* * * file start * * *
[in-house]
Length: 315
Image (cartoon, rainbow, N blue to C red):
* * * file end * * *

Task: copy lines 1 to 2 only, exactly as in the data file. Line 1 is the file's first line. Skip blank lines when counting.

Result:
[in-house]
Length: 315